The meaning of the color Pastel Yellow and color combinations to inspire your next design.
Pastel yellow is a pale shade of yellow. The pastel yellow hex code is #FDFD96.
The color pastel yellow is also sometimes referred to as “lemon”, however the two colors are considered different on the hex chart used by web designers and developers. On the hex chart, lemon yellow (#FFF44F) is a brighter shade of yellow, while the variant lemon chiffon (#FFFACD) is softer and closer in appearance to pastel yellow.
Yellow is a primary color, which means you can’t mix any two paint colors to create it. But to reach pastel yellow’s soft hue, simply mix a bit of yellow paint into a white base.
Pastel yellow takes its name from the art medium of pastels, a powdered pigment that typically creates soft, low saturation hues. The word “pastel” was first used in 1662, while pastels as a medium became popular with artists in the 18th century.
Pastels were a popular color palette during the 18th century and were common to interior design and fashion in the 1950s. They also enjoyed a resurgence in the 1980s thanks to TV shows like Miami Vice, which featured the muted hues extensively.
The color yellow has an even longer history. Yellow ochre pigment was one of the first colors used in cave paintings during the Stone Age, while the color name “yellow” was first used in the year AD700. In Ancient Egypt, the hue was treasured for its likeness to the color of gold.
However in the modern era, yellow is not a particularly popular color—a survey in the year 2000 found only six percent of respondents in North America and Europe named it their favorite color, compared to 45 percent for blue.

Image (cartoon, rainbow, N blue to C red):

Pastel yellow is a gentle color likely to be considered soft and delicate. Pastel shades often appear feminine and romantic, but pastel yellow could be considered gender neutral—it’s the color well-wishers buy baby clothes in when the child’s sex is not yet known.
While its association with the 1950s could make pastel yellow appear old fashioned, the hue has been used in hip, contemporary contexts—for instance, the director Wes Anderson is known for using pastel palettes in his films.
Yellow is the color of sunshine and flowers, both associations likely to be extended to pastel yellow. In color psychology, yellow is thought to be uplifting and encourage optimism. Too much yellow, however, can cause aggression or frustration—but pastel yellow’s muted hue is less likely to inspire that reaction.
Pastel yellow is a great alternative to brighter shades of yellow, which can be too blinding when used in large amounts.
Because it is a very pale color, pastel yellow can be difficult to read and therefore isn’t suited to use as a text color. Instead, you might use a splash of the hue to subtly brighten a design or inject color when stronger hues like red or orange would be overwhelming.
Pastel yellow is less common in fashion, as it is sometimes considered an unflattering hue.
Pastel yellow can work with a number of colors. It looks dreamy and romantic alongside other pastel hues, particularly pink or purple shades like lilac, rose and periwinkle. It works well with a soft blue, which is its complementary color on the color wheel. It forms a fruity, citrus theme alongside shades of orange, looks fresh next to a crisp white and pops next to black. The colors that pair well with pastel yellow include:
Looking for a different hue? The following colors are related to pastel yellow.
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